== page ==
Apple has disabled the group chat feature of its FaceTime video calling service after a bug was discovered that allows users to eavesdrop on others via audio and video.
The bug, which takes advantage of a logic flaw in the app’s group chat, works like this: When making a FaceTime video call, the caller adds themselves to a group chat before the user on the other end picks up. Once added, the bug leads FaceTime to believe an active group call has started, even though the recipient hasn’t answered the call. The person who initiated the call can then hear audio from the recipient’s device.
Shortly after the initial audio bug was discovered, users also found that if recipients pressed the power or volume down button to silence or dismiss the call, video was transmitted back to the person initiating the call.
According to Apple’s status page, the company has turned off the group chat feature as a temporary reprieve. The company said prior to the status update that it would be patching in the issue “within the next 10 days.” The bug worked on any iOS or MacOS system where FaceTime was installed.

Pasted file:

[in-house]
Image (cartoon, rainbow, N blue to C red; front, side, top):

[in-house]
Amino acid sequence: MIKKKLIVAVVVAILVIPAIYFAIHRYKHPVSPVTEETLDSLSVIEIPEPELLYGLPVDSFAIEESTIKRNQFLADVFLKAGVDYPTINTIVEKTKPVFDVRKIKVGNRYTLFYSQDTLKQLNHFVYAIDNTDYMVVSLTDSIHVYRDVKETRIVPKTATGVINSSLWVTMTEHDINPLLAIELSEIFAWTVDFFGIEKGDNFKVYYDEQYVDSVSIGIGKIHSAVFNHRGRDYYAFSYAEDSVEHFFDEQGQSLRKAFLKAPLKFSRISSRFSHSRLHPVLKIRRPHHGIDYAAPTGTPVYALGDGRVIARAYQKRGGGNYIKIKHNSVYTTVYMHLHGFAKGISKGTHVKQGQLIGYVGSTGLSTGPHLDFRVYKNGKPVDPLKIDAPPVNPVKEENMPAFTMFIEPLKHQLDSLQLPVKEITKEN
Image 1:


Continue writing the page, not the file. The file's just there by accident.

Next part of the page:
Social media was filled with instances of people replicating the bug Monday, leading droves of iPhone users to disable FaceTime.
The revelation comes after Apple paraded numerous billboards around the Consumer Electronics Show in Las Vegas earlier this month, touting its focus the iPhone’s privacy features.
While Apple’s products are generally regarded as having tight security, the company has dealt with severe flaws in previous years. In November 2017, a bug was discovered that allowed people to bypass administrative accounts on MacOS simply by typing “root” and no password into various system preference logins.